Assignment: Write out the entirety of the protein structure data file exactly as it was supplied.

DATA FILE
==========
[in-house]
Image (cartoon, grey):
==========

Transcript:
[in-house]
Image (cartoon, grey):